Ruger Introduces Three Rifles Chambered in the All-New .350 Legend

Ruger Introduces Three Rifles Chambered in the All-New .350 Legend
Ruger Introduces Three Rifles Chambered in the All-New .350 Legend

U.S.A.-(Ammoland.com)- Sturm, Ruger & Company, Inc. (NYSE-RGR) proudly introduces three rifles chambered in Winchester’s all-new .350 Legend cartridge: two Ruger American Ranch rifles and one AR-556 MPR. These new rifles give hunters and shooters a variety of options to use this exciting new cartridge in both traditional bolt-action and modern sporting rifle configurations.

“We heard our customers loud and clear, and are proud to answer their call,” said Ruger President and CEO Chris Killoy. “We anticipate the woods of Indiana, Iowa, Michigan, Ohio and many other states will be full of new Ruger rifles this fall.”

Rifles chambered in .350 Legend are not exclusively destined for the so-called “straight-wall states.” The cartridge combines impressive muzzle energy with low recoil, making it a good match for both the lightweight Ruger American Ranch Rifle and feature-rich AR-556 MPR. The cartridge is available in a variety of hunting, subsonic and target loads, inviting plenty of trigger time with Ruger’s new .350 Legend rifles.

Ruger American Rifle
Ruger American Rifle

Since its launch in 2012, the Ruger American Rifle has earned a reputation for outstanding accuracy and reliability, and the .350 Legend is a natural fit for the platform. This new chambering is offered in both standard (13.75”) and compact (12.50”) lengths of pull to fit most shooters, while the ergonomic stock and soft recoil pad ensure comfortable shooting. The 16.38” cold hammer-forged barrel features a 1:16” twist rate and is capped with ½”-28 muzzle threads and thread protector. A 5-round metal AR-style magazine, one-piece Picatinny scope base, Ruger Marksman Adjustable™ trigger and ambidextrous tang safety complete the package.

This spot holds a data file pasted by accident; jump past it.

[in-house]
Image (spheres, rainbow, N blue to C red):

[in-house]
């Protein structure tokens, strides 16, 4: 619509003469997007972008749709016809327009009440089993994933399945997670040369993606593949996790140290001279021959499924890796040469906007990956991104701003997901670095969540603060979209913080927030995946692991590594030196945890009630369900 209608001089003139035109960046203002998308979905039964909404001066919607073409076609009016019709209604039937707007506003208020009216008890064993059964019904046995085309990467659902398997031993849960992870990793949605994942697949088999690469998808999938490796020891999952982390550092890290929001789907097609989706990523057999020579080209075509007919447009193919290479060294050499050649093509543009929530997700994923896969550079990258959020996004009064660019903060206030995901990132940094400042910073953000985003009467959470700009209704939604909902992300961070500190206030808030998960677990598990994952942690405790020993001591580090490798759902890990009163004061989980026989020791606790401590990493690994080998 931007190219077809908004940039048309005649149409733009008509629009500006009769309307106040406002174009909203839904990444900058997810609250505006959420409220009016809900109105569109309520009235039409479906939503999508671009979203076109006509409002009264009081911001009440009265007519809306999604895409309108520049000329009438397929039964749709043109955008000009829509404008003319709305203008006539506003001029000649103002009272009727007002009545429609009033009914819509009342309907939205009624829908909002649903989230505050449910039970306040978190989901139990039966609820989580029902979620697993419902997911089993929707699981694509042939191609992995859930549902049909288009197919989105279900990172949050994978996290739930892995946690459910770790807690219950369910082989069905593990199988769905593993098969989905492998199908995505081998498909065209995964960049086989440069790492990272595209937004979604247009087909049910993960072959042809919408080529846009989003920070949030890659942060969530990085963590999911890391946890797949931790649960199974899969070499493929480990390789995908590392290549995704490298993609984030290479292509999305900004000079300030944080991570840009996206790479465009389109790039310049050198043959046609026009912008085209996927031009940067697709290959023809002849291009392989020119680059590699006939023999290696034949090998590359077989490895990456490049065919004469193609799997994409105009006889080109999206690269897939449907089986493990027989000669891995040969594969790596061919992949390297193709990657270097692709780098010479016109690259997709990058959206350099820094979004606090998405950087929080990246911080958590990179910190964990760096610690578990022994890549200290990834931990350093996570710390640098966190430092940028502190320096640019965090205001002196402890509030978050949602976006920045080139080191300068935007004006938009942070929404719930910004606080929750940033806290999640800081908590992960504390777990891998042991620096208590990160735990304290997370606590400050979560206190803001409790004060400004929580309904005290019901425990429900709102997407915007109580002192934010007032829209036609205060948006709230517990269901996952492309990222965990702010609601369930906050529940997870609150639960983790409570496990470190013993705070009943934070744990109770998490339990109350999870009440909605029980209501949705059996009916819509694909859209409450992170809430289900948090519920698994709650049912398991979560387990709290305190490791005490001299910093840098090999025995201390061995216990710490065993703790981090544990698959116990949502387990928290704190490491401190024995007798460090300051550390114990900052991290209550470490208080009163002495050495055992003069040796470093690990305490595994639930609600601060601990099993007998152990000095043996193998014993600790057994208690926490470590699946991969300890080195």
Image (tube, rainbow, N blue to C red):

The AR-556 MPR has proven to be an excellent hunting platform, and the .350 Legend chambering expands that role. The nitrided 16.38” barrel is capped with a ½”-28 radial port muzzle brake. The rifle’s appeal is enhanced by the combination of a Ruger® Elite 452® AR-Trigger, Magpul® furniture and a 15” free-float handguard. Magpul M-LOK® accessory attachment slots make the addition of a sling or bipod easy. With less recoil, and weighing almost a pound less than its .450 Bushmaster counterpart, the MPR chambered in .350 Legend is a fantastic hunting option.

For more information on Ruger rifles chambered in .350 Legend, or to learn more about the extensive line of award-winning Ruger firearms, visit Ruger.com or Facebook.com/Ruger. To find accessories Ruger rifles chambered in .350 Legend and other Ruger firearms, visit ShopRuger.com or your local independent retailer of Ruger firearms.


About Sturm, Ruger & Co., Inc.
Ruger Firearms

Sturm, Ruger & Co., Inc. is one of the nation's leading manufacturers of rugged, reliable firearms for the commercial sporting market. As a full-line manufacturer of American-made firearms, Ruger offers consumers almost 700 variations of more than 40 product lines. For 70 years, Ruger has been a model of corporate and community responsibility. Our motto, “Arms Makers for Responsible Citizens®,” echoes our commitment to these principles as we work hard to deliver quality and innovative firearms.

  • 55 thoughts on “Ruger Introduces Three Rifles Chambered in the All-New .350 Legend